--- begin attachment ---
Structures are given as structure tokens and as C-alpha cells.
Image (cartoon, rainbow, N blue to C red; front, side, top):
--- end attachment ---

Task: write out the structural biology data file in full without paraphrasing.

Structures are given as structure tokens and as C-alpha cells.
Image (cartoon, rainbow, N blue to C red; front, side, top):